Knaus wasn’t actually upset and a restless Johnson, after eating a second can of Pringles and then a bag of cool ranch Doritos all while standing in the lounge doorway, went looking for something else to do during the long day of waiting around at the track.
It left Knaus to now himself revisit the breakup of arguably the best driver-crew chief combination in NASCAR history.
Johnson drove just two more seasons in NASCAR following the split, and Knaus was crew chief for another driver for the same length. He’s now management at Hendrick and the vice president of competition.
“It was work, it was tough, right? I mean, we’ve gone through it and there was many a time we had to do maintenance on our relationship,” Knaus told AP. “But every relationship needs maintenance, period, and we went through an ebb and a flow throughout our career. Even when the times were good, they weren’t always good, right?”
But yet they always pulled through and both remained committed to tying Hall of Famers Richard Petty and Dale Earnhardt with seven Cup titles. They hit the mark in 2016 and even though Johnson won three of the first 13 races the next season, he and Knaus were headed toward a final breaking point over Johnson’s desire to move his family to Colorado.
It’s ancient history now to Knaus.
“You know, the Aspen thing, man, look, it is what it is,” Knaus told AP. “It’s hard from my perspective. I am older now and I am in a different place. But when I look back and look at where I was at that point, I was in it and living it every single day and in the grind. And you can begin to feel like a single parent — the one the kid comes around for the weekend play, and you know, everything’s great, but the kid doesn’t want to play with them every single day.
“That’s what that felt like going through that and it was challenging because (stuff) wasn’t going well and you feel like you’re in the storm by yourself.”
Knaus now supervises the four current Hendrick drivers, among them Chase Elliott, who has not moved from his Georgia hometown. When asked what made Elliott’s permanent address acceptable when Johnson could not relocate out of North Carolina, Knaus said it was situational.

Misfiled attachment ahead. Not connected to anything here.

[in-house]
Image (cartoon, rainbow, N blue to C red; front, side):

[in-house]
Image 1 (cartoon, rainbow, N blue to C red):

He pointed to a period of time when Jeff Gordon at his heyday lived in Florida without it harming his career or relationship with crew chief Ray Evernham, as well as Elliott’s continued progression from rookie to 2020 Cup champion.
“It’s all about the environment and when everything’s going well, there’s not many problems to be solved,” Knaus told AP. “But if you’re not running well, everything is in question. And it’s a team sport and you get to a point where you feel abandoned. Nonetheless, I knew he was a fantastic racecar driver and he was going to give me everything he had every single weekend. Just like I did for him.”
Knaus later relocated to the Action Express pit stand to call qualifying for the No. 48 at Road Atlanta. Kamui Kobayashi qualified the car, so Johnson sat behind Knaus wearing a headset to listen to the session.
Knaus signaled for Johnson’s attention.
“You good, bud?” Johnson responded.
“Well, I was until I found out you hated me,” Knaus deadpanned.
The two began to laugh, both content with the current state of their relationship.
By JENNA FRYER